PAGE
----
What's big­ger than a uni­corn? Sa­mumed stuns yet again as an­ti-ag­ing pipeline draws $438M at $12B val­u­a­tion

Sa­mumed came out with a bang a cou­ple years ago, when it bold­ly an­nounced a cou­ple of an­ti-ag­ing pro­grams and a $12 bil­lion val­u­a­tion. The San Diego com­pa­ny, which op­er­at­ed in stealth through much of its first decade, had no late-stage pro­grams and no prod­ucts on the mar­ket at the time, caus­ing quite the hub­bub when it claimed uni­corn sta­tus.

To­day, that com­pa­ny has added $438 mil­lion of eq­ui­ty back­ing to its cof­fers, clos­ing a mega-round that adds to its pre­vi­ous­ly raised $212 mil­lion. And yet again, the com­pa­ny an­nounced its pre-mon­ey val­u­a­tion for the lat­est round at a whop­ping $12 bil­lion. Even in these go-go days of biotech, the dol­lars are eye-pop­ping.

The fig­ure will cer­tain­ly raise eye­brows, but that’s noth­ing new for Os­man Kibar, Sa­mumed’s pas­sion­ate and col­or­ful CEO. I met with Kibar back in 2016, tour­ing the rather qui­et halls of Sa­mumed’s head­quar­ters. His en­thu­si­asm for the com­pa­ny’s in­ves­ti­ga­tion­al os­teoarthri­tis drug left an im­pres­sion on me, as he fer­vent­ly sketched graphs on a white­board to help me un­der­stand the WNT path­way.

“We’re sit­ting on a gold­mine, and this is on­ly the tip of the ice­berg,” Kibar said at the time. “If our strat­e­gy was to sell, no one could af­ford us.”

Found­ed in 2008, Sa­mumed now has eight pro­grams in its pipeline: two Phase II drugs, five in Phase I, and one pre­clin­i­cal. Its late-stage pro­grams are in os­teoarthri­tis and an­dro­ge­net­ic alope­cia (hair loss).

The com­pa­ny’s Phase II tri­al in OA en­rolled 455 pa­tients and went for a year. This pa­tient pop­u­la­tion in­cludes over 20 mil­lion Amer­i­cans who suf­fer from car­ti­lage wear­ing away in their joints and the re­sult­ing pain as­so­ci­at­ed with move­ment. There’s no re­al treat­ment be­sides pain med­ica­tion, which can ex­ac­er­bate the prob­lem (feel­ing less pain, pa­tients tend to move around more and fur­ther wear down that car­ti­lage). Af­ter re­ceiv­ing a sin­gle in­jec­tion, pa­tients showed car­ti­lage growth at the me­di­al joint.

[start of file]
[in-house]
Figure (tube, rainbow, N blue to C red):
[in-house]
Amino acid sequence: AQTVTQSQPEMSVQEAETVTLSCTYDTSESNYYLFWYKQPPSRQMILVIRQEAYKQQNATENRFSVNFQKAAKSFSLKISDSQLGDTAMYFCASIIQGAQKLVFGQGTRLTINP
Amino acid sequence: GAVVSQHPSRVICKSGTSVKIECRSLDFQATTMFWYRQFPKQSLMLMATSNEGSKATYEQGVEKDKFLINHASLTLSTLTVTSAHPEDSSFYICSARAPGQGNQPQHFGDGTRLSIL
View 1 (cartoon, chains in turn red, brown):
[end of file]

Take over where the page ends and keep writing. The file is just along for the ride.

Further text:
But in Sa­mumed’s very brief press re­lease on this new round of fund­ing, the com­pa­ny did not men­tion where the mon­ey came from. That caught my at­ten­tion, be­cause when I first wrote about Sa­mumed, I thought the com­pa­ny’s lead in­vestors were odd choic­es: IKEA’s pri­vate ven­ture firm, anony­mous high-net-worth in­di­vid­u­als and a sin­gle ven­ture cap­i­tal firm called Vick­ers Ven­ture Part­ners. The biggest in­vestors are a fur­ni­ture com­pa­ny and a ven­ture firm with no his­to­ry of drug dis­cov­ery in­vest­ments. How could they rec­og­nize a valu­able in­vest­ment when they saw one?

I reached out to Kibar this morn­ing to see who was in this new syn­di­cate. Kibar replied with this:

Our ex­ist­ing in­vestors par­tic­i­pat­ed about ~15-20% of this round, the rest are new. And we went with pri­vate cap­i­tal again (fam­i­ly of­fices, high net worth in­di­vid­u­als, and sov­er­eign funds), no VC/PE (ex­cept Vick­ers).

Fin­ian Tan, chair­man at Vick­ers, at the time ex­plained that Sa­mumed was the first of many in­vest­ments in drug dis­cov­ery. Tan him­self is no rook­ie in health­care. He’s served as ex­ec­u­tive deputy chair­man of Sin­ga­pore’s Na­tion­al Sci­ence and Tech­nol­o­gy Board, as well as on the boards of The Na­tion­al Can­cer Cen­ter of Sin­ga­pore, ven­ture firm Life Sci­ences In­vest­ment, and SingHealth, the biggest health care group in Sin­ga­pore.

Though not a sci­en­tist him­self, he ap­par­ent­ly has a knack for eye­ing good in­vest­ments. Tan was an ear­ly in­vestor of Baidu, known as the “Google of Chi­na” and cur­rent­ly val­ued at $80 bil­lion. Tan said his ven­ture firm made the biggest en­try in­vest­ment it’s ever made with Sa­mumed due to the com­pa­ny’s unique­ly high re­ward vs. risk pro­file. The last time he made a sim­i­lar in­vest­ment was Baidu it­self, Tan said.

Sa­mumed’s drug dis­cov­ery plat­form could be “a break­through of huge pro­por­tions,” Tan said in an email. “The im­pact on hu­mankind would be an or­der of mag­ni­tude we have not seen since (Alexan­der) Flem­ing’s dis­cov­ery of an­tibi­otics (in the 1920s).”

Time will tell.

Kibar said Sa­mumed is tar­get­ing its first ap­proval with­in the next few years.

“This round takes us there (in­clud­ing all our pro­grams, clin­i­cal and pre­clin­i­cal pipeline), plus launch cost, plus some ex­tra cush­ion,” Kibar wrote in an email.


Im­age: Os­man Kibar.

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Pascal Soriot, AP

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